Should Supporters Of The Chinese Communist Party Be Allowed To Stage Demos in Taiwan? A Few Thoughts On The Limits Of Freedom Of Speech
On May 15 Taiwanreporter published a video (see below) showing people demonstrating against Taiwan independence and in favour of “peaceful unification” with Communist China. In Ximending one usually sees scores of supporters of Taiwan independence waving flags and banners, but apparently pro-Communist forces are now trying to counterbalance those demonstrations by staging their own.
The video shows a number of protesters waving flags of the People’s Republic of China (PRC). They seem to belong to the so-called Chinese Patriotic Association (中華愛國同心會), a group that supports the incorporation of Taiwan into the PRC according to the “one country, two systems” (一國兩制) framework that Beijing already used for Hong Kong and Macau. This is not the first such demonstration organized by “Chinese patriotic” groups. Taipei 101 used to be one of the patriotic association’s favourite spots, before an incident involving peaceful Falun Gong demonstrators led Taipei mayor Ke Wenzhe to intervene.
Taiwan-based blogger Jenna Cody argued that pro-Communist protesters have the right to demonstrate just like anyone else. “That’s not a reason to deny anyone freedom of speech, of course,” she wrote, “and they have the right to do this in public as much as, say, any of us have the right to demonstrate for Taiwanese sovereignty. I’m also not going to join the calls to ‘deport them back to China’ because, well, they are citizens too. I’d love to deport Ted Cruz to Canada but he is as much an American as I am. Every country has its jerks”.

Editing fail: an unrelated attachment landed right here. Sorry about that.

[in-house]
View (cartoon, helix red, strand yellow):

I am not a big fan of Taiwan independence and all the fuss people make about identity, flags and names – as I believe that state-sanctioned identities, whether Taiwanese or Chinese, are per definition anti-democratic (I will explain this point in another post).
But while the Taiwanese independence movement is legitimate because it’s peaceful, the Chinese Patriotic Association and the like are not legitimate because they are violent. Their violent attitude is demonstrated by the incidents they provoke – like the Falun Gong incident I mentioned earlier or this one. Furthermore, they are violent because they justify Beijing’s threats to use force, instead of condemning them. What these groups want, is the subversion of the Republic of China (ROC), the incorporation of Taiwan into the PRC, either by force or by the threat of the use of force.
While a democracy should tolerate public debate, we should not forget that freedom should be granted only to those who respect other people’s freedom. After World War I, for example, the Communists and the Nazis of the Weimar Republic participated in democratic politics – but their aim was to destroy the Republican state, not to serve it. Therefore, they used freedom to abolish freedom.
Demonstrations should be allowed as long as they do not imperil democratic values. One would not allow supporters of ISIS or of Nazism to protest freely and to shout out slogans demanding the overthrow of the state. Similarly, pro-Communist groups should be prosecuted and banned according to law.
Let us remember one thing. Democracy doesn’t mean anarchy, and freedom must always be ordered freedom. Acting against groups which advocate violence is not anti-democratic, it is the only way to safeguard true democracy. If the Weimar Republic had banned Communists and Nazis, then Germany might have been spared two oppressive dictatorships, and the world would not have witnessed a second global war.